Zoltán Kovács, the state secretary for government communications and international relations, said anti-Semitism has been a tradition for the European left now for a decade.
“We are going to witness a new era in Western Europe and the United States, related to the attitude of Muslim immigrants who arrived there in large numbers,” the state secretary said in a podcast released by Mandiner. Kovács added that “in the most surprising events, Palestinians and Arabs are marching in the streets from Sydney to New York, from Manchester to Düsseldorf, hailing the attacks and the murder of more than a thousand Israelis”. At the same time, politicians and the public in western Europe look on confused and shocked, he said. “It will be very difficult for them to do anything about it because most of those people are most probably citizens of those countries with a vote”. “It is not about being anti-Israeli, it is about anti-Semitism,” he said, adding that left-wing groups in the European Parliament were also expected to call for support for Palestine.
“The West built itself a trap we must avoid at all cost,” said Kovács, adding the spread of anti-Semitism should serve as yet another “strong argument” against illegal migration. He said recent developments justified anti-migration steps, insisting that “our position is valid and should be maintained, or else we are going to drift into the conflicts”.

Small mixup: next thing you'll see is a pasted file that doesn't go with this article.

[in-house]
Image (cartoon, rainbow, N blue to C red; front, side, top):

The state secretary said further terrorist attacks could be expected in big Western European cities where local internal conflicts in society prevail. Kovács called the terrorist organization Hamas’s attack on Israel “a new level of ruthlessness and baseness”. The attack would reshape the situation in Israeli-Palestinian relations and the region’s future, he said. “We have talked much about the era of dangers. Covid and the war in Ukraine brought things we thought … we wouldn’t have to face. The events in Israel now brought a new element to that era,” he said. He slammed the Western European and EU approach as “hypocritical”. “The European Union is one of the biggest supporters of the Palestinian Authority,” he said. Hamas, besides the Palestinian Authority, is the “organiser and operator of local life” in Palestine, he said. The EU funding sent there is channelled to the group “in some form”, he insisted. The EU, however, “is willing to look the other way” when the funding, well over 400 million euros a year, is “probably used for terror purposes amid a lack of transparency”, and so the monies will keep flowing even after those “unacceptable and unspeakable events”, he said. Meanwhile, within Europe, “the Polish and us don’t get any money” under the excuse of rule-of-law regulations, Kovács said. Hungary’s funding is being withheld under false pretences, “because it is crystal clear that Hungary has fulfilled all obligations,” he added.